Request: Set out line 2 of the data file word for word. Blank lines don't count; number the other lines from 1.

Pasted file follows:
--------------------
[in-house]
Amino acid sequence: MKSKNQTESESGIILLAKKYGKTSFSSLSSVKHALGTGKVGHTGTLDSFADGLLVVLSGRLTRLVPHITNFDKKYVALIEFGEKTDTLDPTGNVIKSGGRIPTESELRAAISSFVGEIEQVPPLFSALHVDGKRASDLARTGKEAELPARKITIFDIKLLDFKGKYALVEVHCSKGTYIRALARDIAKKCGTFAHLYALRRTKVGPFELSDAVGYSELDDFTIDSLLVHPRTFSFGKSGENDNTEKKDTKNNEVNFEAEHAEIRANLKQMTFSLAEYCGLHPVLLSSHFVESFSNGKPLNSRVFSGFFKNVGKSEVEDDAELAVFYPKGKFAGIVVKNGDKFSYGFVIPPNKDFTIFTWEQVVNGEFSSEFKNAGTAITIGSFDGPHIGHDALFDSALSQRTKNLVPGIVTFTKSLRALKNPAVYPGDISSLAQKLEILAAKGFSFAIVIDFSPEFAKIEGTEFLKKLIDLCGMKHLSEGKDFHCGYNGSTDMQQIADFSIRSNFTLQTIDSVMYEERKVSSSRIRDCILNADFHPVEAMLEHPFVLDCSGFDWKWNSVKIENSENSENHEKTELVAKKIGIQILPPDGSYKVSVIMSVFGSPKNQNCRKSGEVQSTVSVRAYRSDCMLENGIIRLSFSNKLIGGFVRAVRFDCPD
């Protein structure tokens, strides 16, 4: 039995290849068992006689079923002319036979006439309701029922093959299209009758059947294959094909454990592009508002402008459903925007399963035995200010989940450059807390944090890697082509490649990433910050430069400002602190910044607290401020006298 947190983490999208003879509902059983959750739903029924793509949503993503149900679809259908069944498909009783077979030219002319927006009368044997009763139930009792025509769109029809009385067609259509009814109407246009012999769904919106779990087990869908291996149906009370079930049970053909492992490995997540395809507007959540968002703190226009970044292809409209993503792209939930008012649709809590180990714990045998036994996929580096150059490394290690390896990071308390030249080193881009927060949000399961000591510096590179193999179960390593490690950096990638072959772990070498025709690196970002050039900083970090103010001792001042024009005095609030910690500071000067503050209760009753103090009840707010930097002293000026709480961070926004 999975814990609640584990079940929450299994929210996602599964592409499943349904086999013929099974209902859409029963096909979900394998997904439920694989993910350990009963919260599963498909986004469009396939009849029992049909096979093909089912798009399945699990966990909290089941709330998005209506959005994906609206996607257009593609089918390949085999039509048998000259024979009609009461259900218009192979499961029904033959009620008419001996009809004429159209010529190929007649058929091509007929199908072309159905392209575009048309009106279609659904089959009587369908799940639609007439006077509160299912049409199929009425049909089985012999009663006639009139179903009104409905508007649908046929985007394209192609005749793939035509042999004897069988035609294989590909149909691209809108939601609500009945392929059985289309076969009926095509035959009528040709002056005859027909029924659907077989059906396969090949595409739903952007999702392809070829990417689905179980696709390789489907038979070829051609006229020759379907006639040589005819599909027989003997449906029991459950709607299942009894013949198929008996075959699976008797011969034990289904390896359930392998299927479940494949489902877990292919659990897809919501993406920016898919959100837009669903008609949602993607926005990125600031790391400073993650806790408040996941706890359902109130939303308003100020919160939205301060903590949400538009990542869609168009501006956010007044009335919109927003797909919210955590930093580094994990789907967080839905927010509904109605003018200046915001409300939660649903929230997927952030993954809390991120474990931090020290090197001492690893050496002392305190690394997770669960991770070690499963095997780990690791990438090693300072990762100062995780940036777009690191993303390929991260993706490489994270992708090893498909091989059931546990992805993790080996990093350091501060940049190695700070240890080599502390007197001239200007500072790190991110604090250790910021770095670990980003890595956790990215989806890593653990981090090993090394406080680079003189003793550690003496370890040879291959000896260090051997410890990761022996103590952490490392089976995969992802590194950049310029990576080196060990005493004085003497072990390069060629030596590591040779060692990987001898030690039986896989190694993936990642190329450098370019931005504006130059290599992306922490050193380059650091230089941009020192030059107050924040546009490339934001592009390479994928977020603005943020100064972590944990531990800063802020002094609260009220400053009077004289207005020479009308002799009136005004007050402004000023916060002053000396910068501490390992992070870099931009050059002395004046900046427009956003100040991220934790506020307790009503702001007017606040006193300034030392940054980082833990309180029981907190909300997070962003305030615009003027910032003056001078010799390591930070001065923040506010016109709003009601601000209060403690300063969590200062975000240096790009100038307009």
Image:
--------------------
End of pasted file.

Amino acid sequence: MKSKNQTESESGIILLAKKYGKTSFSSLSSVKHALGTGKVGHTGTLDSFADGLLVVLSGRLTRLVPHITNFDKKYVALIEFGEKTDTLDPTGNVIKSGGRIPTESELRAAISSFVGEIEQVPPLFSALHVDGKRASDLARTGKEAELPARKITIFDIKLLDFKGKYALVEVHCSKGTYIRALARDIAKKCGTFAHLYALRRTKVGPFELSDAVGYSELDDFTIDSLLVHPRTFSFGKSGENDNTEKKDTKNNEVNFEAEHAEIRANLKQMTFSLAEYCGLHPVLLSSHFVESFSNGKPLNSRVFSGFFKNVGKSEVEDDAELAVFYPKGKFAGIVVKNGDKFSYGFVIPPNKDFTIFTWEQVVNGEFSSEFKNAGTAITIGSFDGPHIGHDALFDSALSQRTKNLVPGIVTFTKSLRALKNPAVYPGDISSLAQKLEILAAKGFSFAIVIDFSPEFAKIEGTEFLKKLIDLCGMKHLSEGKDFHCGYNGSTDMQQIADFSIRSNFTLQTIDSVMYEERKVSSSRIRDCILNADFHPVEAMLEHPFVLDCSGFDWKWNSVKIENSENSENHEKTELVAKKIGIQILPPDGSYKVSVIMSVFGSPKNQNCRKSGEVQSTVSVRAYRSDCMLENGIIRLSFSNKLIGGFVRAVRFDCPD